We emulate Jesus when we charitably and situationally understand limited autonomy in ways that manifest love and justice. This framework importantly and broadly exegetes biblical exhortations to live as a free person in terms of human flourishing. Illustratively, the revised model recognizes illnesses unrelated to sin (e.g., a cancer caused by a spontaneous DNA mutation), illnesses caused by sin (e.g., giving an STD to one's partner after unprotected sex with a prostitute), and illnesses caused by unintentional systemic failure (e.g., lead water pipes installed to provide clean water that we now know can harm the unsuspecting). Freedom may connote maximizing one's quality of life, healing and forgiveness, or working for systemic improvements while caring for individuals.
In addition to the inherent physiological constraints that limit freedom, human freedom should also have moral limits. John Dunne memorably, if unknowingly, hinted at these limits in his poem, "No man is an island":
If a clod be washed away by the sea,
Europe is the less.
As well as if a promontory were.
As well as if a manor of thy friend's
Or of thine own were:
Any man's death diminishes me,
Because I am involved in mankind,
And therefore never send to know for whom the bell tolls;
It tolls for thee.
Donne's gender specific language sounds discordant to my twenty-first century ear. In part, that is because I hear the bias and exclusivity his words convey. To say that Donne intended his words to include men and women is to remove his words from their original cultural locus. Women, under English law, had more in common during Donne's life with chattel than they did with free persons.
Yet Donne's insight into human connectedness was correct. The death of another person – Syrian refugee, Liberian victim of Ebola, hungry child in drought stricken Bangladesh, affluent nursing home resident, or anyone else – diminishes my existence. Globalization, environmental concerns, and geopolitics relentlessly tighten the bonds linking us to one another.
Additionally, Donne's anthropocentric language sounds discordant because I increasingly recognize my connectedness to other species and to the earth itself. My actions may have consequences not just for me but also for other humans, other species, and the planet itself. The butterfly effect, chaos theory's colorful term for the potentially huge aftereffects of a seemingly inconsequential action, reminds me that my exercise of freedom can have multiple unintended, outsize effects on people, species, and things distant from me in time and space.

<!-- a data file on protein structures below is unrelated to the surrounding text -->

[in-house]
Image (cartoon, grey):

Both civil government and ecclesiastical structures thus should aim to constrain human freedom in ways intended to optimize and to balance the common good, the flourishing of all creation, and individual liberty. In contrast, mob rule, bullying, every type of autocracy, and the tyranny of the majority are all forms of subjection that elevate the well-being of a few above the common good and that deprive all of equal opportunity to flourish. The exclusionary policies promoted by many candidates in the 2016 elections pander to narrow slices of the electorate; these policies exemplify the breakdown of our civil structures' commitment to the common good and equal opportunity for all. Similarly, biblical exhortations to live as free persons rightly prompt Christians to reject prior generations' exclusionary lenses (masculinity, creedal homogeneity, cultural superiority, etc.). Instead, Jesus calls his disciples to support expansively inclusive and connective ethical perspectives. He challenges us to develop an ever-richer, more comprehensive ethic of reciprocal altruism that will eventually widen our civil and ecclesial circles of concern to embrace all creation.